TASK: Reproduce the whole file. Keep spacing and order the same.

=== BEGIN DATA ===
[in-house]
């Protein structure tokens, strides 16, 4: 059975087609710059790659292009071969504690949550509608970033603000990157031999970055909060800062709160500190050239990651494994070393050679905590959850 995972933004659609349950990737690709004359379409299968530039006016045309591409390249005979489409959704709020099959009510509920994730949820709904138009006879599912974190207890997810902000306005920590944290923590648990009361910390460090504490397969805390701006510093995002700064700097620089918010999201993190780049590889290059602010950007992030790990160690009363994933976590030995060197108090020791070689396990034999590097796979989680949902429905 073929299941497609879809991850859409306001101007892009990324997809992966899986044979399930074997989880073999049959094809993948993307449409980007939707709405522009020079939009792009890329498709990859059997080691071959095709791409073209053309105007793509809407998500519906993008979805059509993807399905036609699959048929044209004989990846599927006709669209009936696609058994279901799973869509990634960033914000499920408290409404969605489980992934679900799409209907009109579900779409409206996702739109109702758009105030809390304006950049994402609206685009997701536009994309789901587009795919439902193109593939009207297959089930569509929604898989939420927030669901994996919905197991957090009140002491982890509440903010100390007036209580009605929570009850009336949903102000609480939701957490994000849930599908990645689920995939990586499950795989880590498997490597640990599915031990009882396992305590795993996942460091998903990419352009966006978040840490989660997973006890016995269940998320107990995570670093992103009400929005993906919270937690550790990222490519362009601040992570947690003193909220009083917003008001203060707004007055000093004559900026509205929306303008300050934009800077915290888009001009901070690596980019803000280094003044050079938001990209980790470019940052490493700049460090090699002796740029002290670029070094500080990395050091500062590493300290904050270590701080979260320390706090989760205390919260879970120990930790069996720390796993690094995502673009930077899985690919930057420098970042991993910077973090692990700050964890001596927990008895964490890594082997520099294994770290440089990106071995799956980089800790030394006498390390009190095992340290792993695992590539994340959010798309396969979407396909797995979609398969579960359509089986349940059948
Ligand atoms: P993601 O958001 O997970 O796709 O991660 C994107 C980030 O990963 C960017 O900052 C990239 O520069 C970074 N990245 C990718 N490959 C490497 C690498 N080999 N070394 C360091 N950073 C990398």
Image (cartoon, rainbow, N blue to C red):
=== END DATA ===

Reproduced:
[in-house]
């Protein structure tokens, strides 16, 4: 059975087609710059790659292009071969504690949550509608970033603000990157031999970055909060800062709160500190050239990651494994070393050679905590959850 995972933004659609349950990737690709004359379409299968530039006016045309591409390249005979489409959704709020099959009510509920994730949820709904138009006879599912974190207890997810902000306005920590944290923590648990009361910390460090504490397969805390701006510093995002700064700097620089918010999201993190780049590889290059602010950007992030790990160690009363994933976590030995060197108090020791070689396990034999590097796979989680949902429905 073929299941497609879809991850859409306001101007892009990324997809992966899986044979399930074997989880073999049959094809993948993307449409980007939707709405522009020079939009792009890329498709990859059997080691071959095709791409073209053309105007793509809407998500519906993008979805059509993807399905036609699959048929044209004989990846599927006709669209009936696609058994279901799973869509990634960033914000499920408290409404969605489980992934679900799409209907009109579900779409409206996702739109109702758009105030809390304006950049994402609206685009997701536009994309789901587009795919439902193109593939009207297959089930569509929604898989939420927030669901994996919905197991957090009140002491982890509440903010100390007036209580009605929570009850009336949903102000609480939701957490994000849930599908990645689920995939990586499950795989880590498997490597640990599915031990009882396992305590795993996942460091998903990419352009966006978040840490989660997973006890016995269940998320107990995570670093992103009400929005993906919270937690550790990222490519362009601040992570947690003193909220009083917003008001203060707004007055000093004559900026509205929306303008300050934009800077915290888009001009901070690596980019803000280094003044050079938001990209980790470019940052490493700049460090090699002796740029002290670029070094500080990395050091500062590493300290904050270590701080979260320390706090989760205390919260879970120990930790069996720390796993690094995502673009930077899985690919930057420098970042991993910077973090692990700050964890001596927990008895964490890594082997520099294994770290440089990106071995799956980089800790030394006498390390009190095992340290792993695992590539994340959010798309396969979407396909797995979609398969579960359509089986349940059948
Ligand atoms: P993601 O958001 O997970 O796709 O991660 C994107 C980030 O990963 C960017 O900052 C990239 O520069 C970074 N990245 C990718 N490959 C490497 C690498 N080999 N070394 C360091 N950073 C990398």
Image (cartoon, rainbow, N blue to C red):